5. Rashard Mendenhall — A Pittsburgh running game that was barely adequate last season with Mendenhall as the lead back became downright dysfunctional with Isaac Redman and Jonathan Dwyer sharing the load during Mendenhall’s recovery from a torn ACL. The Steelers currently rank 31st in rushing and are gaining a woeful 2.6 yards per carry. Mendenhall is now ready to go, but will he be able to restore some balance to a dangerously lopsided offense? His first test comes at home against the Steelers’ in-state rivals, the Eagles, who rank 12th against the run and have yielded only one rushing touchdown through four games.

6. Reggie Wayne — The old man has been having a nice season so far, quickly developing effective chemistry with rookie QB Andrew Luck. The 33-year-old Wayne has caught 23 passes for 294 yards and one TD over his first three games, and last week’s bye gave him a chance to rest his weary bones. He and the Colts have a home date against the Packers this weekend, and who knows what to make of Green Bay’s performance against top receivers so far this season? They have faced two: They shut down Brandon Marshall in Week Two, and they let Marques Colston go off for 9-153-1 last week. The Packers bracketed Marshall; they couldn’t afford to bracket Colston because of the Saints’ numerous other weapons. We’ll see if Green Bay defensive coordinator Dom Capers thinks little enough of Donnie Avery, Coby Fleener, T.Y. Hilton et al. to give Wayne the bracket treatment.

7. Marshawn Lynch — Lynch isn’t a man; he’s a machine. The Skittles connoisseur has carried the ball at least 20 times in each of Seattle’s first four games and is averaging better than 100 rushing yards per contest. His worst game thus far was an 85-yard rushing day in the Seahawks’ opener. Lynch owners are rightfully salivating over a Week Five matchup against the Panthers in Charlotte. Carolina’s run defense is as soft as goose down, allowing 4.9 yards per carry. Prepare for “Beast Mode.”

8. Jeremy Maclin — Some of us were expecting a career year from Maclin, and things were looking good when he opened the season with seven receptions for 96 yards and a touchdown against Cleveland. But Maclin sustained a hip injury in that first game, aggravated it in Week Two, sat out in Week Three and was a nonfactor in Week Four, catching only one pass for seven yards in Philly’s win over the Giants. Will the hip injury linger and deflate Maclin’s numbers in the weeks to come, or is the young receiver on the cusp of being fit and productive again? Maclin and the Eagles visit Pittsburgh this weekend to face the Steelers, who rank third against the pass.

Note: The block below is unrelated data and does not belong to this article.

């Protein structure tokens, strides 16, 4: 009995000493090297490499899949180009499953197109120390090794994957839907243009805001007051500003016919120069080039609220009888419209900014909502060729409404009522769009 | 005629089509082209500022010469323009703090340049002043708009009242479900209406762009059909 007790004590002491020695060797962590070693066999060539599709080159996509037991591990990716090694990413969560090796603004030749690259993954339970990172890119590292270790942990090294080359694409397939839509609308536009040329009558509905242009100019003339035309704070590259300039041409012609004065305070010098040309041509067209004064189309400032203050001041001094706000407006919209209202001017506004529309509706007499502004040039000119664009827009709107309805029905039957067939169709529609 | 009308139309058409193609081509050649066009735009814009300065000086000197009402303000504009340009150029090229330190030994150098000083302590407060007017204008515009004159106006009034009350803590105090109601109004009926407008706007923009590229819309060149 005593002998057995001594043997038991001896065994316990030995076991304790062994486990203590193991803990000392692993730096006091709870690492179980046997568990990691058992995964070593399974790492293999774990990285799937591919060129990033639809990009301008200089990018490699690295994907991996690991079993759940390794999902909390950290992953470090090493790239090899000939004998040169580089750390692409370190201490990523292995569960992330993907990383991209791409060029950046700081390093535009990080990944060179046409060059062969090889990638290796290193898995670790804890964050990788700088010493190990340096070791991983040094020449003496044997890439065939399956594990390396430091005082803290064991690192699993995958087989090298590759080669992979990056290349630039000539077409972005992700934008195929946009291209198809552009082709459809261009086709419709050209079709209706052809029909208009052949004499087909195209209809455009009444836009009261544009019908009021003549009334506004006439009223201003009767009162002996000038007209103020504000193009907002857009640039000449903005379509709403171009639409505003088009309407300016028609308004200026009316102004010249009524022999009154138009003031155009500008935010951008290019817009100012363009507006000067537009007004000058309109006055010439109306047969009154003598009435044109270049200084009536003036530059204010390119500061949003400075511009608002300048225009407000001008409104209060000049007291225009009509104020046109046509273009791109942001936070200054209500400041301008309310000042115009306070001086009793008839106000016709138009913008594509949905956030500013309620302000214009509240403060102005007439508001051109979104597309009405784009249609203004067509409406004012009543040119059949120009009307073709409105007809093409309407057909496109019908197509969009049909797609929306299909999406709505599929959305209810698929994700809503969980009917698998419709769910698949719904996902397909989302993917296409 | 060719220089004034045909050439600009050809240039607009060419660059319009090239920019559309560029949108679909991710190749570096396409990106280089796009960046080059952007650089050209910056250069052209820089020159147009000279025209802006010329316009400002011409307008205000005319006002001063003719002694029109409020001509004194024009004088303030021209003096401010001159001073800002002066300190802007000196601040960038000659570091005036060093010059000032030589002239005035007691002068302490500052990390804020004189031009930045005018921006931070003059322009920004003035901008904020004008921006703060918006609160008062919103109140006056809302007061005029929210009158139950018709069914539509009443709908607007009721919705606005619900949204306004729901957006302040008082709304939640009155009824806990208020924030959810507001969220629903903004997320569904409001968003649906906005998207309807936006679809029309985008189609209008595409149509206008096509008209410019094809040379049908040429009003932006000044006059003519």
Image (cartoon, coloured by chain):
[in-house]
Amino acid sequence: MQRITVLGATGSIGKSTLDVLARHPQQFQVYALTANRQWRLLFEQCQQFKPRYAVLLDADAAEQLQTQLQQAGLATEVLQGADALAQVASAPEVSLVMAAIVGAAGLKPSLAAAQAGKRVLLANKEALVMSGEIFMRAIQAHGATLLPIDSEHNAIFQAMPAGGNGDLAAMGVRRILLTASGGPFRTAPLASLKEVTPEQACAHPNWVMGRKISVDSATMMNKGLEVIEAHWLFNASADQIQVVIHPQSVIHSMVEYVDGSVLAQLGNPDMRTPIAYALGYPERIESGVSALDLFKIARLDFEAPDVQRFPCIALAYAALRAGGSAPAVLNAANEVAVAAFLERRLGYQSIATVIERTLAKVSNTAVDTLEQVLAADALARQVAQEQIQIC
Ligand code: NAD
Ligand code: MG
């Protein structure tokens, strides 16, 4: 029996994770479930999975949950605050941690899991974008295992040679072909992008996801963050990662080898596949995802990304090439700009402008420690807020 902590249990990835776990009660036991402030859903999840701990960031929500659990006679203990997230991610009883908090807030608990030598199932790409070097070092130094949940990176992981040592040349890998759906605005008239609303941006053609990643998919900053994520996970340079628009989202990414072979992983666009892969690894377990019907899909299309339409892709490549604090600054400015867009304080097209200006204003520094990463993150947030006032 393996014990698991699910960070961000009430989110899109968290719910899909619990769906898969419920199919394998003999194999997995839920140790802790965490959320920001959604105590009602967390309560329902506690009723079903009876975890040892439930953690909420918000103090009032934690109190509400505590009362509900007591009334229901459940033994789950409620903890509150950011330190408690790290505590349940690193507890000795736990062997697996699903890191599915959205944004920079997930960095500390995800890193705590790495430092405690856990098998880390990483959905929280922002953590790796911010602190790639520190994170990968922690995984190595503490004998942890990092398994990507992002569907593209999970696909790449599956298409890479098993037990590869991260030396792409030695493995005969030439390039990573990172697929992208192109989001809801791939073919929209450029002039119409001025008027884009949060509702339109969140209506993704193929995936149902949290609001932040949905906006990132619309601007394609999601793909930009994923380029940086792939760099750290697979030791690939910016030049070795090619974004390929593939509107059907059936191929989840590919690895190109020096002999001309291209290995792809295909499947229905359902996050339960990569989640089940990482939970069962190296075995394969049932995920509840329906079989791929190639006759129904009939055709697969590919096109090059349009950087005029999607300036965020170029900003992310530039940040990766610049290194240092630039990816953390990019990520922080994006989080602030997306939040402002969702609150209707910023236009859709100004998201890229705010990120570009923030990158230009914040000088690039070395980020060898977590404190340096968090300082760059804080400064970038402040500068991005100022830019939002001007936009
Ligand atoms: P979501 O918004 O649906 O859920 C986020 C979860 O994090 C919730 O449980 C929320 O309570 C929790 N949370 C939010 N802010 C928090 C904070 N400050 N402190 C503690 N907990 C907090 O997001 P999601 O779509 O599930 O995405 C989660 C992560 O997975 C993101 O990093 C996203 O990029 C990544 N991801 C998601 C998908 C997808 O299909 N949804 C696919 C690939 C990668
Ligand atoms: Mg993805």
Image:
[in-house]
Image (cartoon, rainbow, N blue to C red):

9. James Jones — Would it be inappropriate for James Jones owners to send Greg Jennings’ groin a thank-you card? Jones caught a pair of TD passes last week and figures to play an enhanced role while Jennings recovers from his injury. The Packers visit Indianapolis this week, and Aaron Rodgers does some of his finest work in domes. The Colts rank 15th against the pass, but the Indy cornerbacks can be had. There should be sufficient opportunities for Jones to contribute on Sunday, though the enigmatic receiver can be maddeningly prone to drops and concentration lapses.

10. Matt Forté — Forté returned from a sprained ankle last week and gave his fantasy owners a pre-Halloween scare by hobbling off the field after an eight-yard run on the Bears’ first play from scrimmage, but he returned after having his foot re-taped and finished with 52 rushing yards on 13 carries. The Bears were wise to use Forté lightly in what quickly turned into a blowout of the Cowboys. Now that he has demonstrated himself fit for duty, it’s reasonable to expect that the Bears will loosen his reins when they visit Jacksonville this weekend and face the Jaguars’ 30th-ranked run defense.